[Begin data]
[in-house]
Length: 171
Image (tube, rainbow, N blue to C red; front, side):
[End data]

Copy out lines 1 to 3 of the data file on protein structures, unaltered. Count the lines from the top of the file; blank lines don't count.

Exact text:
[in-house]
Length: 171
Image (tube, rainbow, N blue to C red; front, side):